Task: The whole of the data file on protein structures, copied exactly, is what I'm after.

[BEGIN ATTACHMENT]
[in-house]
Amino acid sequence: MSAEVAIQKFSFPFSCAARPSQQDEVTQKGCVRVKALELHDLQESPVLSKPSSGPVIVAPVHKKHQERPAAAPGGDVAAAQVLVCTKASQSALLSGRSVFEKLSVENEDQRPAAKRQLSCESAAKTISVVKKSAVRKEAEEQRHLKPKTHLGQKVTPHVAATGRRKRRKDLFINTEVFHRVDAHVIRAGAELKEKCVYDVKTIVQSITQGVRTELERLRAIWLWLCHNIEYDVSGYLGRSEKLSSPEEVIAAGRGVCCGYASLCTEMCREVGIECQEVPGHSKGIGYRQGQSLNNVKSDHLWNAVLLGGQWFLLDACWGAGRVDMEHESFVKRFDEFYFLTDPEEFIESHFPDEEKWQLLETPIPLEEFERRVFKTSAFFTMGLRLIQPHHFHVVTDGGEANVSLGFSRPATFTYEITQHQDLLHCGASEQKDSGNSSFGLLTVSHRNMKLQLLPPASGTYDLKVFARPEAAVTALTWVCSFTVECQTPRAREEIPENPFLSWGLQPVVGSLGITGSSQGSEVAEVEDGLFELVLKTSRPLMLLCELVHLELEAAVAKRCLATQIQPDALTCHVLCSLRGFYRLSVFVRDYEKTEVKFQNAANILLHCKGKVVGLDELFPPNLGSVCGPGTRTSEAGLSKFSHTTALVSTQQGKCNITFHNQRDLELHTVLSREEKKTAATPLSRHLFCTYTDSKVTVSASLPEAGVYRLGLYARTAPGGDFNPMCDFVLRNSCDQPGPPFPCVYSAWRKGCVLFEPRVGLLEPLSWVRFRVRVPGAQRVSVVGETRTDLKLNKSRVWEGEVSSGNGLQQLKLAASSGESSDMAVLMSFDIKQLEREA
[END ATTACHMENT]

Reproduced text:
[in-house]
Amino acid sequence: MSAEVAIQKFSFPFSCAARPSQQDEVTQKGCVRVKALELHDLQESPVLSKPSSGPVIVAPVHKKHQERPAAAPGGDVAAAQVLVCTKASQSALLSGRSVFEKLSVENEDQRPAAKRQLSCESAAKTISVVKKSAVRKEAEEQRHLKPKTHLGQKVTPHVAATGRRKRRKDLFINTEVFHRVDAHVIRAGAELKEKCVYDVKTIVQSITQGVRTELERLRAIWLWLCHNIEYDVSGYLGRSEKLSSPEEVIAAGRGVCCGYASLCTEMCREVGIECQEVPGHSKGIGYRQGQSLNNVKSDHLWNAVLLGGQWFLLDACWGAGRVDMEHESFVKRFDEFYFLTDPEEFIESHFPDEEKWQLLETPIPLEEFERRVFKTSAFFTMGLRLIQPHHFHVVTDGGEANVSLGFSRPATFTYEITQHQDLLHCGASEQKDSGNSSFGLLTVSHRNMKLQLLPPASGTYDLKVFARPEAAVTALTWVCSFTVECQTPRAREEIPENPFLSWGLQPVVGSLGITGSSQGSEVAEVEDGLFELVLKTSRPLMLLCELVHLELEAAVAKRCLATQIQPDALTCHVLCSLRGFYRLSVFVRDYEKTEVKFQNAANILLHCKGKVVGLDELFPPNLGSVCGPGTRTSEAGLSKFSHTTALVSTQQGKCNITFHNQRDLELHTVLSREEKKTAATPLSRHLFCTYTDSKVTVSASLPEAGVYRLGLYARTAPGGDFNPMCDFVLRNSCDQPGPPFPCVYSAWRKGCVLFEPRVGLLEPLSWVRFRVRVPGAQRVSVVGETRTDLKLNKSRVWEGEVSSGNGLQQLKLAASSGESSDMAVLMSFDIKQLEREA